From Hal 9000 to Self-Driving Fleets Breaking through the Wall: A Strategy for Progressing from Narrow to General AI

Guest author, Fritz Barth

Since its conception, Artificial Intelligence’s (AI) developments have been been marked by a series of technological plateaus stemming from technologic limitations and results requirements.  At each stage, the creation of genuine AI, as popularly imagined, seemed imminent. But, reality’s limitations quickly became apparent. Take, for example the vast gap between the very real IBM Selectric typewriters at Lawrence Livermore’s ELIZA that seemed to enable conversations with the mainframe and the cinematic aspirations of the Forbidden Planet’s Robby the Robot. With each advance, our understanding of the complexity of creating something that can match a two-year old’s common sense and learning ability increased and then was disappointingly followed by a long hiatus.

We’re currently experiencing the “Second Wave” of AI development, and it appears we may be on the verge of another plateau. I say this because we are approaching a point of diminishing marginal returns at which no amount of computing power or training data can generate common sense or deal with out-of-scope inputs.  Intelligence turns out to be more than an algorithm.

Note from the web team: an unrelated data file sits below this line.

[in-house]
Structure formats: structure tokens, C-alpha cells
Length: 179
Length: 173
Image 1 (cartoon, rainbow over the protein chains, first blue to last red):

Nonetheless, a great deal of progress has been made, particularly in machine learning (ML), deep learning, computer vision, and related areas in robotics. Applications of these technologies and techniques will continue to grow across industry, society and government in unforeseeable ways. Advances in computing power, networking, cloud computing, data science and data storage would likely have happened in any case, but they have made today’s AI both a necessity and a promise for managing and exploiting these unfathomably complex systems.

Our current plateau differs from previous ones in that it has resulted in many capabilities, often for solving problems technology itself created, (e.g., spam filters, or for solving problems we didn’t know we had, such as sentiment analysis of social media). However, these capabilities generally lack the reliability, robustness and traceability most critical military applications require. An 85% effective spam filter is useable, while an 85% accurate landmine locator is suitable only for emergencies, especially if it only works for anti-tank mines and there’s no way to discover why it finds some and misses others.

"Good enough" is not enough of a driver to push us past this plateau and has resulted in what is commonly known as “narrow AI.” The private sector will continue to largely focus on narrow AI because there are numerous opportunities where the cost of error is acceptable or borne by someone else. Although expensive and often accompanied by unintended consequences, the process for creating narrow AI is well understood and accepted.